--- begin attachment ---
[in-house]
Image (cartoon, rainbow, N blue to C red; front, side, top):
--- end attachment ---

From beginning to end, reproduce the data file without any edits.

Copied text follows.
[in-house]
Image (cartoon, rainbow, N blue to C red; front, side, top):